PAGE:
Hooper-Nash carried on selling when he studied for a sports science degree and then started work at an estate agency. He launched his own business right in the middle of the 2007 property crash and – through a combination of hard work, good service and trying to do things a little differently – he now has 23 staff and three offices in Cardiff.

“Cardiff has changed hugely since I started out,” he says. “I started the business in 2007 and the big crash was already here.

“I had a financial backer who decided to pull out because of the crash but I carried on anyway. Those good days when estate agents were earning lots of money I never even knew.

“We were known as Abode at the time but there were 58 different Abode estate agents by 2009 so we changed the name to Jeffrey Ross.

JR“I was an estate agent working on lettings for a national at the time and I thought I can do this on my own. I had no children and one bedroom flat. Now we are in our 10th year.

“My father-in-law gave me some money and I went in to the back of an office in Pontcanna. I looked after lettings and my partner Jeff looked after sales. Lettings were good, but nothing sold.”

The business is very much a family affair with Hooper-Nash’s mum, dad, wife and twin brother all working for the company.

“I’m very fortunate that my family has joined me,” he says. “My dad used to have his own successful business, but he sold it and my twin brother works with me. I twisted his arm. My dad runs all my accounts. He allows me to go out and do what I’m good at, which is selling houses and not be bogged down in paperwork.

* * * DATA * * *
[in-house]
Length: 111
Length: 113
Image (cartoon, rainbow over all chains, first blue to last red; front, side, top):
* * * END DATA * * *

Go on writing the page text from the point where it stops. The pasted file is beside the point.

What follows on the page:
“My dad does all our human resources and my mum works with us too. It’s quite an unusual set up but I’m very fortunate.

“Sales are up and down but lettings are pretty constant. We are one of the few agents left in Cardiff that is not owned by a bigger company. We get letters every month asking about acquiring us.

“We’ve got a good core lettings business. The sales become the bunce on top.”

Jeffrey Ross was the first estate agency in the UK to use virtual reality (VR) tours of properties as standard on its website. Through a series of three-dimensional (3D) pictures, potential buyers can don VR goggles — they sell cardboard versions for £1 — and look around the house as if they are actually there.